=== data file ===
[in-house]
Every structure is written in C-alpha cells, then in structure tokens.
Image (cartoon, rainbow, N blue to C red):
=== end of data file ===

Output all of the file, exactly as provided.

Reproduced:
[in-house]
Every structure is written in C-alpha cells, then in structure tokens.
Image (cartoon, rainbow, N blue to C red):